Chaos were tasked to create their own identity. With no prior infrastructure to rely on, it gave them the unique ability to create a brand new identity based on their different yet shared experiences. 

Chaos have no Tewaaraton winners and the least number of USILA First-Team All-Americans out of any team in the PLL: three. Having a chip on their shoulder and being overlooked became central to that message. 

“When you go somewhere and you have these fans boo you it’s because we're not your prototypical lax players, right? Like a lot of us didn't go to these big universities, a lot of us didn't play in May, a lot of us didn't go to final fours,” said Neumann - a Providence alum who picked up a stick when he was 18 years old.

“We all have a chip on our shoulder and going through college we all have an unusual career path, which puts more of a chip on our shoulder. If you look at a guy like Dhane, he went to Conestoga College in Waterloo, ON, and didn't even play college lacrosse. I went to a small school [Robert Morris]; Josh started out at a Community College and then worked his way up to Hofstra. So, if you kind of look up and down our roster it's all kind of stories like that - under recruited coming out of high school and just kind of found a way,” said Ryan Smith

Speaking to numerous players on the team about their identity and message, they all repeat it. That made the group come together and created an identity forged upon a strong belief in the group regardless of outside opinion.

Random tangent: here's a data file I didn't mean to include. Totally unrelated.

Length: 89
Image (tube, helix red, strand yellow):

For Johnny Surdick, muting the voices of doubters outside the team is something that characterized his time at Army.

“We love being the underdog, we love being counted out. At Army, you know, we’re not in the top 20 pole, f***  it, I don’t care. It just fuels the fire. We’ll prove you wrong, it doesn't matter,” said Surdick.

Yet two drastically different organizations, that’s a strong parallel between both teams.  

“Same thing here from two years ago with the 2.8% chance to win [during the 2020 PLL bubble]. That just, almost in a joke-ish way [became part of our message], it was just like we don’t care. You don’t have to like us, think we’re the best team, we don’t care. We’re just going to go out there and play our game,” Surdick said proudly. 

That’s not to say the Chaos are oblivious to the fans they do have. Greatly appreciative and aware of the support from people who dawn their colors on the weekends. They still look to show anyone else not on the Chaos wave, you’ve made the wrong decision. 

“We appreciate the opinions of the people that support us, we value them. And the opinions of the people that don’t support us, we try to stick it to them. And that’s something that creates a lot of cohesion in our locker room.” said Towers.

That story made the group come together, hanging their hat on resiliency. Ultimately driving the team even close together. 

With half the season left to go, Chaos are looking closer to the final product quicker than ever before. The Raiders of the PLL look to leave their mark inching their way closer to that second championship when they take on the Whipsnakes at 5:30pm EST on ESPN+.

Avenging the boos felt from Whipsnakes fans and all during that championship game two years ago.